Mr. Kirsch’s method as a critic differs sharply from the one prevalent among writers on poetry, many of whom feel the need to take a side in the argument between believers in the expressive, communicative, imitative power of poetry, and those who believe it is a medium whose meaning is internal, closed in its own horizon, constructed and conditioned solely by the inner tensions of any particular poem. (It’s odd that these views are seen as opposed.)
But Mr. Kirsch takes poets on in their own terms, reading them by their own lights even as he locates them in the poetic tradition — in particular their relation to the Romantics, a relationship he sees as key to understanding contemporary poetry. This is not merely to say Mr. Kirsch is gentle or ecumenical, but rather that he understands the difficulty of writing about poems, even the longest and most perfectly composed of which are fleet, fragmented, and elusive in a way particularly inhospitable to the kind of scrutiny that novels and essays bear up so well under. When Mr. Kirsch praises, he does not praise first and foremost in the service of any critical ideology.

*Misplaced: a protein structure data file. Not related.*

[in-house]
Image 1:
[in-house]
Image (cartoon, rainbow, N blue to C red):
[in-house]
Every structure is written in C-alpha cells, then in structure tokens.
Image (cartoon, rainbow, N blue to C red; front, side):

more from The NY Sun here.